International Monetary Fund bumps up global GDP forecasts for 2017 and 2018

Posted October 11, 2017

The IMF also said that it expects Cyprus's current account deficit to shrink to 3.8 percent this year, compared to 5.3 percent last year and to 2.7 percent in 2018 percent.

"In India, growth momentum slowed, reflecting the lingering impact of the authorities' currency exchange initiative as well as uncertainty related to the midyear introduction of the country-wide Goods and Services Tax", the International Monetary Fund said in its latest World Economic Outlook report.

The fund has also upgraded short-term growth in emerging countries and developing Europe to 4.5 percent from 3 percent in its April 2017 outlook. With growth outcomes in the first half of 2017 generally stronger than expected, upward revisions to growth are broad based, including for the eurozone, Japan, China, emerging Europe, and Russian Federation.

The IMF's previous projections for 2017 made in April and July had put India's economic growth rate at 7.2 percent.

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During its World Economic Outlook conference in Washington, the International Monetary Fund also forecast a growth of 3.5 percent in 2018 for Turkey, adding that the revised outlook also raised forecasts for emerging and developing economies in Europe.

The IMF said the squeeze on household finances in the United Kingdom had hit growth in the first two quarters of this year, and "the medium-term growth outlook is highly uncertain and will depend in part on the new economic relationship with the European Union and the extent of the increase in barriers to trade, migration and cross-border financial activity".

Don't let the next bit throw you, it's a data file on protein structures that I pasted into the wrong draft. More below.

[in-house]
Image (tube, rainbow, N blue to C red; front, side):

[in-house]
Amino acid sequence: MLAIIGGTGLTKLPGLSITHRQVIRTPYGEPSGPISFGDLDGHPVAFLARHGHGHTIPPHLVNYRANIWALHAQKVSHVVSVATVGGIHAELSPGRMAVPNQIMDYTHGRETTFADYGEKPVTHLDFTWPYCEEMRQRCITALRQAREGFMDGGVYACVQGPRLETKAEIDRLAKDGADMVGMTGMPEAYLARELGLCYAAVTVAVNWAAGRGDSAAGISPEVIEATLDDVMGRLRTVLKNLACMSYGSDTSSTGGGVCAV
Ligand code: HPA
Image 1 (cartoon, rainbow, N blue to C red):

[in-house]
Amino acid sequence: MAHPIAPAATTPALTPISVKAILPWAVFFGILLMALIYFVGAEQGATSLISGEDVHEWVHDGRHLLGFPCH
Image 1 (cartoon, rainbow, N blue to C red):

The growth would mark the fastest growth since 2011.

If Korea does reach an economic growth of 3 percent, it would be the first time since 2014.

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The OECD leading indicator, which is created to anticipate turning points in economic activity, projected an upbeat scenario of economic expansion in the countries that represent most of the world's economic output.

The IMF's forecasts are slightly more optimistic than the current consensus, but are unlikely to offer cheer to Philip Hammond, the chancellor, as he travels to Washington for the annual IMF meetings this week.

After years of sluggish global growth and less than rosey predictions about the future, the IMF's latest forecasts suggest calmer waters ahead. It expects growth to slow from 1.8% in 2016 to 1.7% this year and to 1.5% in 2018.

Strong global demand has also been a boon for the rest of Asia, where the fund forecasts sustained growth.

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Despite the good news, the report comes with a warning that the global recovery is far from complete with weak growth rates still persisting in several countries - particularly among fuel exporters hit by a fall in foreign earnings - and inflation still below the target rates in most advanced economies.